n Acta Classica : Proceedings of the Classical Association of South Africa - Madness in Homer and the verb

Supplement 3
  • ISSN : 0065-1141
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It has become something of a cliché that there is not much evidence for madness in Homer. Hershkowitz's study has revealed that even the little there is should be carefully distinguished from madness as conceived in later Roman epic. And yet, an examination of madness in the and , since they constitute perhaps our earliest texts, is an essential precursor to any synthetic treatment of the topic in later Greek literature.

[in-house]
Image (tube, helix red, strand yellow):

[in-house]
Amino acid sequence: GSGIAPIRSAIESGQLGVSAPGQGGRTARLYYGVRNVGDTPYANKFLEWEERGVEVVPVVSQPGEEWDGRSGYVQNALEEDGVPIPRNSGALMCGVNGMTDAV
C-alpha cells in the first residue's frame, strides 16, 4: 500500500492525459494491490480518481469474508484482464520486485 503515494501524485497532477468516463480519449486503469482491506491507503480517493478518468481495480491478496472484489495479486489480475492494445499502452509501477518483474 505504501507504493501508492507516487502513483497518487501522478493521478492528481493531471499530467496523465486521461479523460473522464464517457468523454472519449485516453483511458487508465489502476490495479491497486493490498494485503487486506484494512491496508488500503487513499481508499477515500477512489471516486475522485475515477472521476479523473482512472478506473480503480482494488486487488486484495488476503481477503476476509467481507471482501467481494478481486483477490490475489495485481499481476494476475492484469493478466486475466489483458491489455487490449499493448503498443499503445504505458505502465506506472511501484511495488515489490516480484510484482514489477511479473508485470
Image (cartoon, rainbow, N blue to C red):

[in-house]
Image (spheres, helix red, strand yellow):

This paper will attempt a limited investigation into madness in these two poems by focusing on just one linguistic term, the verb and its derivatives. What I shall suggest is that careful scrutiny of the contexts in which this verb is employed, encourages a need to reconsider our standard assumptions as to the semasiology of this verb. While I am in broad agreement with Hershkowitz's point of view on this subject, my own conclusions differ from hers in some respects.

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